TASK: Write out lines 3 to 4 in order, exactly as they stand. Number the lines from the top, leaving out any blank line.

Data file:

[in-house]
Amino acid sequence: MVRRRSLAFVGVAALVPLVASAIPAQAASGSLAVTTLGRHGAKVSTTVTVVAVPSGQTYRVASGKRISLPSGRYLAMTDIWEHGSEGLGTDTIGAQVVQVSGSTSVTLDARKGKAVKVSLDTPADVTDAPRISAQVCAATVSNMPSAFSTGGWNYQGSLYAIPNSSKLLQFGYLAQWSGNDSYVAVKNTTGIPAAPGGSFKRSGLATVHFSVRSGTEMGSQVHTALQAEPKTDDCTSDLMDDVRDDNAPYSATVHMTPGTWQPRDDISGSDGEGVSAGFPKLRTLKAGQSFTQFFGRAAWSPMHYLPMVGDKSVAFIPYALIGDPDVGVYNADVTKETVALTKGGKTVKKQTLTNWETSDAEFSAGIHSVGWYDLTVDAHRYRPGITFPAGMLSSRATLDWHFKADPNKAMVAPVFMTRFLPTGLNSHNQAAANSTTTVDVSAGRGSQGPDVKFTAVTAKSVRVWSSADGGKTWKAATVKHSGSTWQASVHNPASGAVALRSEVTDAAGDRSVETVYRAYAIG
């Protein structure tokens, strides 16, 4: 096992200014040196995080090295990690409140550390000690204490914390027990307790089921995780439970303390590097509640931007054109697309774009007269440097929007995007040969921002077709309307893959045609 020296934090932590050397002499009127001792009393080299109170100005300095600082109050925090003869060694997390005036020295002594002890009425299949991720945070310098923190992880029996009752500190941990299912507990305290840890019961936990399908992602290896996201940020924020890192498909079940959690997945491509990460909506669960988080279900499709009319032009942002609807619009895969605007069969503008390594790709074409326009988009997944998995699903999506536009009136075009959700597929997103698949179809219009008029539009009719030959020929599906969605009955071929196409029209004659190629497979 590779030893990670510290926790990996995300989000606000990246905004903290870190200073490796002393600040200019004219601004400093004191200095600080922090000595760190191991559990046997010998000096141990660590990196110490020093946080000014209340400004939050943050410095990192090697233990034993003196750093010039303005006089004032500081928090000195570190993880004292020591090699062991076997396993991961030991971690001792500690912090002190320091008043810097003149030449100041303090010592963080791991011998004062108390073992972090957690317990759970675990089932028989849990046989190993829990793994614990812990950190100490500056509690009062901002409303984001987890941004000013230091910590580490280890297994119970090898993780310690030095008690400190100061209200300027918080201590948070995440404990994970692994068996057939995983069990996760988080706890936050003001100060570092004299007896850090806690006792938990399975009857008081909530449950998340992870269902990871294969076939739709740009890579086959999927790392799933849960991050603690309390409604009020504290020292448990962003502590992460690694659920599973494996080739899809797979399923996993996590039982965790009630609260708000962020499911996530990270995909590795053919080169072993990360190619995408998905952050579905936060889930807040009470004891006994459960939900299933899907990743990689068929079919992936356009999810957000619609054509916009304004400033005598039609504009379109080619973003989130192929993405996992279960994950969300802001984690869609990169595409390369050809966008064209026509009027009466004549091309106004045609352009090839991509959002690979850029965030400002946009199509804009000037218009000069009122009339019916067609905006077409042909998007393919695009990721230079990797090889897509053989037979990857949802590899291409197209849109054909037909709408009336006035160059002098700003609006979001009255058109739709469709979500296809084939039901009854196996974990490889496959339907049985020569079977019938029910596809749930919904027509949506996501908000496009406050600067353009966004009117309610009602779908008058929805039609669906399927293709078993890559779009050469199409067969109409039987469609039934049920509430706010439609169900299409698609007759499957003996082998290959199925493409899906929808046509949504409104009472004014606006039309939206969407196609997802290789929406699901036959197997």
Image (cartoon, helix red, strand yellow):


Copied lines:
């Protein structure tokens, strides 16, 4: 096992200014040196995080090295990690409140550390000690204490914390027990307790089921995780439970303390590097509640931007054109697309774009007269440097929007995007040969921002077709309307893959045609 020296934090932590050397002499009127001792009393080299109170100005300095600082109050925090003869060694997390005036020295002594002890009425299949991720945070310098923190992880029996009752500190941990299912507990305290840890019961936990399908992602290896996201940020924020890192498909079940959690997945491509990460909506669960988080279900499709009319032009942002609807619009895969605007069969503008390594790709074409326009988009997944998995699903999506536009009136075009959700597929997103698949179809219009008029539009009719030959020929599906969605009955071929196409029209004659190629497979 590779030893990670510290926790990996995300989000606000990246905004903290870190200073490796002393600040200019004219601004400093004191200095600080922090000595760190191991559990046997010998000096141990660590990196110490020093946080000014209340400004939050943050410095990192090697233990034993003196750093010039303005006089004032500081928090000195570190993880004292020591090699062991076997396993991961030991971690001792500690912090002190320091008043810097003149030449100041303090010592963080791991011998004062108390073992972090957690317990759970675990089932028989849990046989190993829990793994614990812990950190100490500056509690009062901002409303984001987890941004000013230091910590580490280890297994119970090898993780310690030095008690400190100061209200300027918080201590948070995440404990994970692994068996057939995983069990996760988080706890936050003001100060570092004299007896850090806690006792938990399975009857008081909530449950998340992870269902990871294969076939739709740009890579086959999927790392799933849960991050603690309390409604009020504290020292448990962003502590992460690694659920599973494996080739899809797979399923996993996590039982965790009630609260708000962020499911996530990270995909590795053919080169072993990360190619995408998905952050579905936060889930807040009470004891006994459960939900299933899907990743990689068929079919992936356009999810957000619609054509916009304004400033005598039609504009379109080619973003989130192929993405996992279960994950969300802001984690869609990169595409390369050809966008064209026509009027009466004549091309106004045609352009090839991509959002690979850029965030400002946009199509804009000037218009000069009122009339019916067609905006077409042909998007393919695009990721230079990797090889897509053989037979990857949802590899291409197209849109054909037909709408009336006035160059002098700003609006979001009255058109739709469709979500296809084939039901009854196996974990490889496959339907049985020569079977019938029910596809749930919904027509949506996501908000496009406050600067353009966004009117309610009602779908008058929805039609669906399927293709078993890559779009050469199409067969109409039987469609039934049920509430706010439609169900299409698609007759499957003996082998290959199925493409899906929808046509949504409104009472004014606006039309939206969407196609997802290789929406699901036959197997």
Image (cartoon, helix red, strand yellow):